• The current form <copy> itself is the pure replacement logic, one can compare the XSD type info associated with from-node and to-node, when XPath 2.0/XQuery 1.0 data model is used. If mismatched, it can trigger mismatchedAssignmentFailure fault. However, for the "create" version, this feature is lost. That creates some hidden and profound asymmetry, which are surprising to users.
  • The create version of <copy> in the standard is NOT schema-aware, it is almost useless. And, customers immediately force vendors to do add sort of schema tricks. It defeats the whole point of standardization. It is a very slippery slope. Bad for standardization.

Details of XPath-Only / XPath-Dependent Concern

Parent Location Ambiguity

The proposal says: "Newly created nodes are always appended as the next child of a parent."
However, it does not address one big ambiguity issue: Where is the parent?

Consider this example:

    <def id="d1"> <ghi id="g1"> </def>
    <def id="d2"> <ghi id="g2"> </def>

/abc/def/ghi[1] points to "g1"
/abc/def/ghi[2] points to "g2"

Now, if someone tries to use this "create" feature to copy to "/abc/def/ghi[3]", which <def> is the parent? "d1" or "d2"????

One thing the proposal SHOULD say is: by "popping off" the bottom-most-XPath-child axis token in XPath expression parse tree, (i.e. "/abc/def/ghi[3]" => "/abc/def"), the resultant XPath expression must be evaluated to be ONE single element node. Then, it solves the ambiguity of parent location. This is a MUST-HAVE clarification.

Please note that: I underlined some of the terms above. Because, those terms are extremely XPath specific. This MUST-HAVE clarification make this feature become completely XPath-specific.

If one wants to standardize the "create" feature in BPEL spec, ONE MUST give the equivalent, crispy clear and portable terms of underlined text for other expression languages and data-modeling technologies. E.g. XQuery 1.0, XPath 2.0, Java (with or without JAXB ... and with or without SDO), C#, Javascript (with or without XML extension), SQL, SQL/XML ... (I consider that mission-impossible).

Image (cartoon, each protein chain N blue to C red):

"Fuzziness" of XPath Expression Subset Definition

Also, its current attempt to define the subset of XPath expressions are supported by this feature is no where clear enough to be put on the BPEL spec. As of now, it just tries to excludes 3 cases of XPath: (1) must use abbreviation form (2) must not use "//" (3) must use position predicate

For (1), the proposal does not provide a real good reason on why restricting to abbreviation form only.
For (2), why we cannot support XPath "/abc//def/ghi[3]"? As long as "/abc//def" returns one elment node?
For (3), is this Xpath "/abc/def/ghi[@abc='fff'][3]" supported? How about "/abc/def[@abc='fff']/ghi[3]"? The proposal does NOT say it clearly.

Loosely (or arbitrarily) clipping off some XPath features off the support domain does NOT create a portable behavior of this "create" feature.

I strongly urge that whoever wants to standardize this feature (outside of this BPEL TC) should come up with a restricted form of EBNF Grammar for XPath expression subset. Then, that grammar will clearly state what XPath subset are supported and what are NOT.  That restricted EBNF Grammar needs to be based on the non-terminal in EBNF Grammar of XPath 1.0
(e.g. http://www.w3.org/TR/xpath#predicates )

Implementation experiences say it even louder ...

As I mentioned before, we (Oracle) have a similar implementation extension feature. We NEVER have the intention to standardize this XPath-only extension feature in BPEL spec. Because BPEL is supposed to expression language independent and BPEL spec is NEVER the right place to standardize a feature which fudges and breaches the clean border line between BPEL and expression language.

That is: The semantics of a BPEL construct (<copy create="...">) relies on certain features and behavior of underlying expression language.  And, we cannot find a proper portable description of those features and behaviors across a wide spectrum of expression languages that can be put into the BPEL spec.

Also, in our implementation experience of similar features, we need to play around with XPath parser implementation to achieve that functionality. And, that implementation will be NEVER portable to other expression languages. That again further illustrates that this "create" feature is by definition XPath-concept dependent.

As far as I know some other vendors have similar extension features as well, they have no plan to standardize this XPath-only feature either. Hence, I am not alone in that crowd.


Alex YIu